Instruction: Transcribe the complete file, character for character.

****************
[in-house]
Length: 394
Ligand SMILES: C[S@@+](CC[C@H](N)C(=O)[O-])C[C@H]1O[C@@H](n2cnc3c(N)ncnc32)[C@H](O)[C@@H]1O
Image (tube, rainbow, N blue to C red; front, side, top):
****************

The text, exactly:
[in-house]
Length: 394
Ligand SMILES: C[S@@+](CC[C@H](N)C(=O)[O-])C[C@H]1O[C@@H](n2cnc3c(N)ncnc32)[C@H](O)[C@@H]1O
Image (tube, rainbow, N blue to C red; front, side, top):